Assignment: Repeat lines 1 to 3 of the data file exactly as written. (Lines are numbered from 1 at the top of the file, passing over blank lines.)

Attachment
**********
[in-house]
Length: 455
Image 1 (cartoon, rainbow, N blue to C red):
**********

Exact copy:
[in-house]
Length: 455
Image 1 (cartoon, rainbow, N blue to C red):